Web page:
|Sliabh an Iarainn|
|Elevation||585 m (1,919 ft) |
|Prominence||245 m (804 ft) |
|English translation||Mountain of the iron|
|Language of name||Irish|
Sliabh an Iarainn ("iron mountain"), formerly Sliabh Comaicne ("mountain of the conmaicne natives"), is a large hill in County Leitrim, Ireland. Its present form evolved from the southwest movement of ice age glaciers over millions of years, the morainic drift heaping thousands of drumlins in the surrounding lowlands. Irish cultural folklore records strong association with the mythological "Tuatha De Dannan". Sliabh an Iarainn is an important natural heritage site with exposed marine and coastal fauna of paleontological interest
The name Irish: Sliabh an Iarainn, meaning "mountain or moor of the Iron'", originates from an appreciation Iron ore deposits are present. Boate (1652) said "the mountains are so full of this metal, that hereof it hath got in Irish the name of Slew Neren, that is, Mountains of Iron". Sliabh an Iarainn was anciently named "Sliabh Comaicne", the "mountain of the Conmaicne Rein in Connacht". The Irish name spelling is commonly used, though pronounced and corrupted as "Slieve-An-Ierin".
Sliabh an Iarainn is an important natural heritage site due to unbroken sequence of Carboniferous marine fossils present in the rock layers spanning the Namurian (326-315 million years ago) and lower Westphalian (313-304 million years ago) stages of the Silesian (series). The Geological survey of Ireland (1878) wrote "the Geologist may examine all the formations of the district from the Lower Silurian up to the outlier of Coal-measures that crowns Slieve-an-Ierin… It is a rare thing in most countries to find so much comprised in so small a space".
In her landmark study "The Palaeontology of the Namurian rocks of Slieve Anierin, County Leitrim, Eire", Patricia Yates (1962) demonstrated a "remarkable extent" of Namurian marine fauna bands, abundant with goniatite-Bivalvia, at Sliabh an Iarainn. [n 1] She described some rock layers as particularly fossiliferous, the shale bands abundant with goniatite faunas and Bivalvia marine and freshwater molluscs. The unfossiliferous shales often contain numerous clay-ironstone bands making conditions intolerable for marine organisms. At most of the fossiliferous levels in the Namurian beds the number of goniatites and Bivalvia are usually very high with the diversity of species low. The richest and most diverse band in the succession at Sliabh an Iarainn, in terms of species present, contains Trilobites, brachiopods, gastropods, echinoids and Bryozoa. Fragments of trilobites occur abundantly at particular bands. Overall, Yates documented nearly 120 distinct fossiliferous sites around Sliabh an Iarainn, her work complemented by extensive photographs of often beautifully preserved fossils. Her study of Sliabh an Iarainn is considered important, being housed at the Murchison Museum, Imperial College, British Geological Survey Museum, and the Natural Museum in London.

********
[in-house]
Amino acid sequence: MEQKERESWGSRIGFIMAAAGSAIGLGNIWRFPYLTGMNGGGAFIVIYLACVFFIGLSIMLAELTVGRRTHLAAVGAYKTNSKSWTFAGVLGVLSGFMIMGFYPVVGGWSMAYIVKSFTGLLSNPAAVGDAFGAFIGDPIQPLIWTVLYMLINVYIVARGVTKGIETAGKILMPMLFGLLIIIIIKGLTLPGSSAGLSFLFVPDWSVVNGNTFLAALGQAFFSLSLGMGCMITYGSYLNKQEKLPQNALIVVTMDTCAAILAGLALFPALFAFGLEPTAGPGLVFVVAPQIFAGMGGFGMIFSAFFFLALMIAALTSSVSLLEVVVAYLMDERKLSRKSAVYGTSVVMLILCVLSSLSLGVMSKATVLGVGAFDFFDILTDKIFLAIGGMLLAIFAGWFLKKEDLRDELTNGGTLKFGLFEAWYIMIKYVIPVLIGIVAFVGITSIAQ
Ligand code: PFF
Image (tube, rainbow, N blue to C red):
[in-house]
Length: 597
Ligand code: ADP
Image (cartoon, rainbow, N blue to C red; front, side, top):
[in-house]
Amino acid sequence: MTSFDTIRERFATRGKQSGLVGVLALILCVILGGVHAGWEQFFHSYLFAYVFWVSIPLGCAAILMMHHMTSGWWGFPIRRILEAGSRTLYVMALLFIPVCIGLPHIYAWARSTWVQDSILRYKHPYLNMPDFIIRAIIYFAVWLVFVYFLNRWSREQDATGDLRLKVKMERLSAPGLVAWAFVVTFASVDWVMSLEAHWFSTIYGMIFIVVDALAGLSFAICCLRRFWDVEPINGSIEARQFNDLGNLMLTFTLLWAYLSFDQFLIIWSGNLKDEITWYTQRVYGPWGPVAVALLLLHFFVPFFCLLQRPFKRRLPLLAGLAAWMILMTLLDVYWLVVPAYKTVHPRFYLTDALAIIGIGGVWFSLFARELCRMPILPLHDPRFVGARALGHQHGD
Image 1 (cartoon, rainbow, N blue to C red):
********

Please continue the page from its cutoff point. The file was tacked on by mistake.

Sliabh an Iarainn is an imposing Hill in rural West Ireland, towering over and dominating the rugged landscape. It rises from the eastern shore of Lough Allen to a summit elevation of 586-metre (1,923 ft). On this summit at 520 metres (1,706.0 ft), a Triangulation station of the Ordnance Survey is fixed on a low concrete plinth.
Sliabh an Iarainn is composed of Carboniferous shales, and sandstones blanketed by heather-covered moorland, and located in an area of Upper Carboniferous rocks extending from the northern extremity of Lough Erne for about 48 kilometres (29.8 mi) to the southern tip of Lough Allen. Shale is the dominant rock type throughout the Carboniferous succession, but a thick grit, with coal seams, occurs in the lower rock layers of 326-315 million years ago. At its greatest width the outcrop stretches eastwards towards Swanlinbar 32 kilometres (19.9 mi) distant. The outcrop narrows northwards, interrupted by a deep shoreline indentation of Carboniferous Limestone around the Belcoo area, to the north of which it widens before rapidly narrowing towards Lough Erne.
Sliabh an Iarainn, at the southern end of this mass, and east of Lough Allen, is a flat topped mountain with a prominent and steep grit slope, easily mistaken for the summit from a distance, when in fact another 50 metres (164.0 ft) of shales form a small residual outlier overlying this grit. There is a thick obscuring mantle of peat bog and glacial drift below the steep grit slope, with heather and peat bog forming a thick mantle over most of the upland plateau at the summit. Rocks are typically horizontal or gently dipping, except in land-slipped areas. Impressive landslides have occurred along the western face, and at the south-western and south-eastern corners of the mountain, indicating an appreciative magnitude of land-slipping.
The geological section from Lough Allen across Sliabh an Iarainn has the following general succession of strata-